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Re: Hash algorithm analysis

On Mon, Jun 11, 2018 at 12:29 PM Jonathan Nieder <jrnieder@xxxxxxxxx> wrote:
> Yves Orton and Linus Torvalds prefer[5] SHA3 over SHA2 because of how
> it is constructed.

Yeah, I really think that it's a mistake to switch to something that
has the same problem SHA1 had.

That doesn't necessarily mean SHA3, but it does mean "bigger
intermediate hash state" (so no length extension attack), which could
be SHA3, but also SHA-512/256 or K12.

Honestly, git has effectively already moved from SHA1 to SHA1DC.

So the actual known attack and weakness of SHA1 should simply not be
part of the discussion for the next hash. You can basically say "we're
_already_ on the second hash, we just picked one that was so
compatible with SHA1 that nobody even really noticed.

The reason to switch is

 (a) 160 bits may not be enough

 (b) maybe there are other weaknesses in SHA1 that SHA1DC doesn't catch.

 (c) others?

Obviously all of the choices address (a).

But at least for me, (b) makes me go "well, SHA2 has the exact same
weak inter-block state attack, so if there are unknown weaknesses in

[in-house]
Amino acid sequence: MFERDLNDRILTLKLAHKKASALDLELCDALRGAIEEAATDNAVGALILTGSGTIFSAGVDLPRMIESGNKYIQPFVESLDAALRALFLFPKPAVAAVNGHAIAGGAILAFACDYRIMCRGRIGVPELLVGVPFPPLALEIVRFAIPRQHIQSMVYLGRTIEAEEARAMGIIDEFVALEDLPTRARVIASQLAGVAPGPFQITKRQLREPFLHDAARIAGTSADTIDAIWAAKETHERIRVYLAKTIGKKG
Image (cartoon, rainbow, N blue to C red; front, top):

SHA1, then what about unknown weaknesses in SHA2"?

And no, I'm not a cryptographer. But honestly, length extension
attacks were how both md5 and sha1 were broken in practice, so I'm
just going "why would we go with a crypto choice that has that known
weakness? That's just crazy".

>From a performance standpoint, I have to say (once more) that crypto
performance actually mattered a lot less than I originally thought it
would. Yes, there are phases that do care, but they are rare.

For example, I think SHA1 performance has probably mattered most for
the index and pack-file, where it's really only used as a fancy CRC.
For most individual object cases, it is almost never an issue.

>From a performance angle, I think the whole "256-bit hashes are
bigger" is going to be the more noticeable performance issue, just
because things like delta compression and zlib - both of which are
very *real* and present performance issues - will have more data that
they need to work on. The performance difference between different
hashing functions is likely not all that noticeable in most common
cases as long as we're not talking orders of magnitude.

And yes, I guess we're in the "approaching an order of magnitude"
performance difference, but we should actually compare not to OpenSSL
SHA1, but to SHA1DC. See above.

Personally, the fact that the Keccak people would suggest K12 makes me
think that should be a front-runner, but whatever. I don't think the
128-bit preimage case is an issue, since 128 bits is the brute-force
cost for any 256-bit hash.

But hey, I picked sha1 to begin with, so take any input from me with
that historical pinch of salt in mind ;)